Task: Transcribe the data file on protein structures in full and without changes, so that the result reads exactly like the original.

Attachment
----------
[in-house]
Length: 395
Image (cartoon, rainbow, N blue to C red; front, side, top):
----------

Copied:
[in-house]
Length: 395
Image (cartoon, rainbow, N blue to C red; front, side, top):